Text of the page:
Pakistani Military to Bar Foreign Operations

With drone attacks already up over threefold from 2007 the US desire to ramp up attacks inside Pakistan even further has run into another wall today as Pakistan’s Chief of Army Staff General Parvez Kayani announced that foreign forces would no longer be allowed to conduct missions inside of Pakistani territory. Gen. Kayani said the rules of engagement were well defined and did not permit coalition forces to operate in Pakistan.

The announcement comes just one week after US helicopters and ground troops attacked a small village in South Waziristan, killing at least 20 civilians according to one Pakistani official. The strike produced a myriad of harsh comments from Pakistani officials and days later the Pakistani government cut supply lines to NATO troops in Afghanistan, a move which Defense Minister Chaudhry Ahmed Mukhtar said would show “how serious we are”. Earlier this week, a drone strike against a school in North Waziristan which was reportedly carried out by the CIA killed at least 23.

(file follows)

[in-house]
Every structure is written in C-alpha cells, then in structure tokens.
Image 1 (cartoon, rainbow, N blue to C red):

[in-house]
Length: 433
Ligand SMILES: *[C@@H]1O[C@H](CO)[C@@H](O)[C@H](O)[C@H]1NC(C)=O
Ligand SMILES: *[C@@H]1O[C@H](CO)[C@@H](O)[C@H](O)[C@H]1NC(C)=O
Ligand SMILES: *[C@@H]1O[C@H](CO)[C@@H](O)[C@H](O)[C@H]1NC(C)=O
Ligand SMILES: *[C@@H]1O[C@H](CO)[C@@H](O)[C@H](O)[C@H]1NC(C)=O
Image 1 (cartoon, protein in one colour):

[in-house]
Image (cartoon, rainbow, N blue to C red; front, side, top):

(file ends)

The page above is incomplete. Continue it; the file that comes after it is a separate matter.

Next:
This comes amid reports that the National Intelligence Council warned President Bush last month that attacks in Pakistan were liable to further destabilize Pakistan’s government and military. However, speaking before the House Armed Services Committee today, Defense Secretary Robert Gates and Joint Chiefs head Admiral Michael Mullen stressed the need for striking the “safe havens” of militants inside Pakistan, and recent activities suggest this strategy has won out despite the NIC’s warnings.

Author: Jason Ditz

Jason Ditz is Senior Editor for He has 20 years of experience in foreign policy research and his work has appeared in The American Conservative, Responsible Statecraft, Forbes, Toronto Star, Minneapolis Star-Tribune, Providence Journal, Washington Times, and the Detroit Free Press.